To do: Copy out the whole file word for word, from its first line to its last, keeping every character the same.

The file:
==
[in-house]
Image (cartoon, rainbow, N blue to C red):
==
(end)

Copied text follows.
[in-house]
Image (cartoon, rainbow, N blue to C red):